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Target Opens Mini Apple Stores in Some Locations – Review Geek



A concept illustration of Target's new mini Apple Store.
Target

Forget the mall, Target is opening mini Apple Stores in its retail locations. These dedicated kiosks are twice the size of Target’s current “Apple section” and are run by Apple-trained personnel. Target plans to open mini Apple Stores in 1

7 locations by the end of February, with more to follow in 2021.

Large stores like Target have enjoyed a steady stream of business during the COVID-19 pandemic. But as people become more comfortable visiting malls and other casual retail spaces, retailers with large boxes may be missing out on some sales. By replicating the Apple Store experience at a kiosk, Target was able to keep some of its customers away from the mall and generate more large ticket sales.

These are the 17 stores opening Apple newsstands in February:

  • Monticello, MN
  • San Jose, California
  • Oklahoma City, okay
  • Allen, TX
  • Hurst, TX
  • Austin, TX
  • Irving, TX
  • San Antonio, TX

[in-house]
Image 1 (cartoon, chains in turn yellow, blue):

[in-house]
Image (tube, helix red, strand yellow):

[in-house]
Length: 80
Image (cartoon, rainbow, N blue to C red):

• Gainesville, FL
  • Orlando, FL
  • Clearwater, FL
  • Miami, FL
  • North Wales, PA
  • Newark, DE
  • Woburn, MA
  • Nashua, NH
  • Latham, NY

Target plans to open more mini Apple Stores in 2021, but the company hasn’t made this clear How much of the locations will actually have an Apple kiosk. It is possible that some Target stores will skip the Apple kiosk due to limited size or staffing requirements.

Along with the new shopping experience, Target has redesigned its online Apple store with organized, easy-to-read icons. The online storefront also highlights the “benefits of getting Apple devices at Target,” such as easy returns, free two-day shipping, roadside delivery, and 5% savings with a Target RedCard.

Interestingly, Apple still doesn’t sell Macs in-store or online. It will instead focus on smaller items such as the iPhone, AirPods, iPad, HomePod and Apple Watch. These items take up less space and (presumably) have higher profit margins than Macs. Plus, they require very little troubleshooting, so Target can spend less time training its Apple kiosk employees.

Source: Target via 9to5Mac




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